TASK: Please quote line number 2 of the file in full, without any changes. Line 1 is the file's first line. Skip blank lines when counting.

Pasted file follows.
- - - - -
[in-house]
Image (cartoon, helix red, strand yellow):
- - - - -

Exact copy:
Image (cartoon, helix red, strand yellow):